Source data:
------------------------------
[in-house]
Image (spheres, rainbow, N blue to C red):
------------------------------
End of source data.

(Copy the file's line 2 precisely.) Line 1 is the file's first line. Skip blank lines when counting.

Image (spheres, rainbow, N blue to C red):